Nadal, Federer Advance In London

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ATP World Tour Finals

ATP World Tour Finals

An ailing Rafael Nadal toiled for nearly three hours before beating Mardy Fish 6-2, 3-6, 7-6 (3) at the ATP World Tour Finals on Sunday, while Roger Federer also needed three sets to win his opening match.

Defending champion Federer began his quest for a record sixth title at the season-ending event by defeating Jo-Wilfried Tsonga of France 6-2, 2-6, 6-4.

In a tense evening match at London’s O2 Arena, Fish recovered from a nervous opening set in his debut at the tournament and saved two match points at 5-4 in the third set. Despite struggling with illness, Nadal was able to clinch it in the tiebreaker.

If you enjoy superstars and drama, Day 1 at the World Tour Finals was a good place to be, thanks to Rafael Nadal and Roger Federer, “I felt very bad from the stomach since the beginning of the third (set),” Nadal said. “I was seriously really lucky for the victory, and I for sure am very happy.”

Group A begins Monday with Andy Murray facing David Ferrer, and top-seeded Novak Djokovic against Tomas Berdych.

By the time Nadal and Fish walked off court at gone 11:30 p.m. local time on the opening day of the tournament, many of the 17,000-strong crowd had already left to catch the last train home.

The late match mirrored the early one between Federer and Tsonga. Federer and Nadal both dominated the opening set only to lose the momentum early in the second set.

Tsonga wilted when serving to stay in the match at 5-4 in the decider, while several poorly hit forehands in the tiebreaker did Fish in.

“I didn’t play a great tiebreaker. He did. That was pretty much the difference,” said Fish, who ended the match with 35 winners to Nadal’s 18.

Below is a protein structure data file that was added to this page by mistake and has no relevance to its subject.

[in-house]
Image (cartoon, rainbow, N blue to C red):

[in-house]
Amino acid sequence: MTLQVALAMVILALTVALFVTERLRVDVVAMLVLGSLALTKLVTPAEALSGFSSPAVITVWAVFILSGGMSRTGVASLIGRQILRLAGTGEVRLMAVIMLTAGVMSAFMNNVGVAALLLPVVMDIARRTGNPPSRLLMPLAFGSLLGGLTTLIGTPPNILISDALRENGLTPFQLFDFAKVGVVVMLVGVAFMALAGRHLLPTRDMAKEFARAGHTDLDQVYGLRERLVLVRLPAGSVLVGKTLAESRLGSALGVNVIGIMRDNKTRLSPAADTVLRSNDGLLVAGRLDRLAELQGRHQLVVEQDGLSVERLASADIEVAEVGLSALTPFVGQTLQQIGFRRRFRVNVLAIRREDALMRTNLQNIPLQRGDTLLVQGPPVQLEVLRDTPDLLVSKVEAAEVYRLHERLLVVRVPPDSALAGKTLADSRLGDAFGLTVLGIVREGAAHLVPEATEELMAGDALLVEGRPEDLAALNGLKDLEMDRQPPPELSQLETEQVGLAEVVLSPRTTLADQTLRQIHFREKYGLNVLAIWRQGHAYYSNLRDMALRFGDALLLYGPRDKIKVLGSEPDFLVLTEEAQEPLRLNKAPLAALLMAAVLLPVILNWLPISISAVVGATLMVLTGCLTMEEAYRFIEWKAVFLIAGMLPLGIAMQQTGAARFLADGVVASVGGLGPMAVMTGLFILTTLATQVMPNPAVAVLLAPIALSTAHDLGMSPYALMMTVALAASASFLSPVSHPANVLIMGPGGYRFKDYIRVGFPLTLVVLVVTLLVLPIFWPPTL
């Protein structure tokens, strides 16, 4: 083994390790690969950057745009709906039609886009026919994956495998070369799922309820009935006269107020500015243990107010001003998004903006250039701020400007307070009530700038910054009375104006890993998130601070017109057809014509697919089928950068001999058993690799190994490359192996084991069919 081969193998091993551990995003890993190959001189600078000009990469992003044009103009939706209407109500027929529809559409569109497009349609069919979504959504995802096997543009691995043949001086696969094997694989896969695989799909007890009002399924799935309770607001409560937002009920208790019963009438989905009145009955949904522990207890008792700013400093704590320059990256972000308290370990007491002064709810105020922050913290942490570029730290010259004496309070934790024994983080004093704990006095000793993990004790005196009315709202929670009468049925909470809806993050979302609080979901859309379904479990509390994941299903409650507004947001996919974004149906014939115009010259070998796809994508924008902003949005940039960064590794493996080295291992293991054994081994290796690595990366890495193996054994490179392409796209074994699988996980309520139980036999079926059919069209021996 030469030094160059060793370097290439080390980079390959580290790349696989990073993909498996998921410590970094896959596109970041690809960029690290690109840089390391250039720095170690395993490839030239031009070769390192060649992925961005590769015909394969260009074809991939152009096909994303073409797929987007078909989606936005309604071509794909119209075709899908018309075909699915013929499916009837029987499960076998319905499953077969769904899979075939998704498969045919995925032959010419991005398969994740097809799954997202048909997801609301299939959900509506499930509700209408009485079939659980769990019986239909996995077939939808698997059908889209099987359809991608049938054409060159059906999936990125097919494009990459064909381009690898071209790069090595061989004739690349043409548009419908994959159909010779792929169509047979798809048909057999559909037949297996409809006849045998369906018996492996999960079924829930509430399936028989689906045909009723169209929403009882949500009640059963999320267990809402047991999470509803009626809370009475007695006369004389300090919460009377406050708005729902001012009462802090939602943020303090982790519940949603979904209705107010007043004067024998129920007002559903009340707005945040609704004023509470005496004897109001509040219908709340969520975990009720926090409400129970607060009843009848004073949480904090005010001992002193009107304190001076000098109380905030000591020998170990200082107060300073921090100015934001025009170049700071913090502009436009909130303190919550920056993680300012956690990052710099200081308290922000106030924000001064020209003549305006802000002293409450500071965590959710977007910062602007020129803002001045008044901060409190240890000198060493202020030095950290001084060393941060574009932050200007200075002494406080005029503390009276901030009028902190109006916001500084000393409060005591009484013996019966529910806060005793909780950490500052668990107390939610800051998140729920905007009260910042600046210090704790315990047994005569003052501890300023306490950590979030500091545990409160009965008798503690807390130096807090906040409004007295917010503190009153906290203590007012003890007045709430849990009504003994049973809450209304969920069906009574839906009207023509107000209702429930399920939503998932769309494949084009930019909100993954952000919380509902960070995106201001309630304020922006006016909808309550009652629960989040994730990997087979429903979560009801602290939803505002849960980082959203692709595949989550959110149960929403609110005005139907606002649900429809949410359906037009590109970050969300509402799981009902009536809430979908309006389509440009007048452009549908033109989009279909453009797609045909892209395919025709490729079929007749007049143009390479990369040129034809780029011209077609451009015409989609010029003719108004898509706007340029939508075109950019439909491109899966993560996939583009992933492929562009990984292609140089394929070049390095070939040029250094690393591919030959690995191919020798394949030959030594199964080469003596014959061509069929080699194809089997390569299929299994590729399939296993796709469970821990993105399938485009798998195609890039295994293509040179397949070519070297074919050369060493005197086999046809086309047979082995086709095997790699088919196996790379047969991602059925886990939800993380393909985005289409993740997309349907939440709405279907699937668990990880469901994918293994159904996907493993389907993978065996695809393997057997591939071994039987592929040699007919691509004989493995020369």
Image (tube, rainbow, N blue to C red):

Federer and Nadal now will play each other for the 26th time, continuing their long rivalry Tuesday. Federer beat the Spaniard in last year’s final, but has lost their three meetings in 2011.

Fish, who qualified for the eight-player tournament for the first time, arrived in London with concerns about a hamstring injury. The 29-year-old American later said his preparation “wasn’t ideal, but that wasn’t the reason that I lost.”

Nadal made Fish wait in his chair while he had his finger taped by the trainer after the warmup and the American made a nervous start as he dropped serve in the opening game.

After dominating the opening set, Fish found his range on his forehand and, combining it with some deft volleys and delicate drop shots, the eighth-seeded Fish pushed the match into a decider.

Nadal began to feel the heat. He dashed off for a bathroom break after taking a 2-0 lead and returned to drop serve as Fish ended the game with a perfectly judged half volley to break back.

Sticking with his attacking game, Fish broke for a 3-2 lead but was immediately broken at love to make it 3-3. Fish did what Tsonga earlier failed to manage by saving two match points at 5-4.

But his form dipped in the all-important tiebreaker against Nadal, who planned to return quickly to his hotel and concentrate on resting his body after playing “for one hour suffering a lot.”

Federer is on a 13-match winning streak following titles in Basel and Paris, where the No. 4-ranked Swiss beat Tsonga in straight sets in the final a week ago.

The 16-time Grand Slam champion looked ready for another comfortable win when he took the first set in 21 minutes, but Tsonga broke early in the second.

A closely fought third set ended when the pressure seemed to get to Tsonga. Trailing 5-4, he was broken at 15 and Federer chalked up his third straight win over the Frenchman since back-to-back losses at Wimbledon and Montreal.

“Today I had flashes of that match,” Federer said of his five-set loss to Tsonga in the Wimbledon quarterfinals. “I didn’t have much of a chance for a while on his serve. You just try your best.”

Federer has won at least 60 matches for nine straight years, and extended his career record over Tsonga to 7-3.

“It’s not always in your control when you play Jo,” Federer said. “That’s the beauty of it. I kind of enjoy that to some degree. But I think also partially because it was a first-round match, I think that’s maybe why we saw some ups and downs from both players.”

Copyright 2011 by The Associated Press

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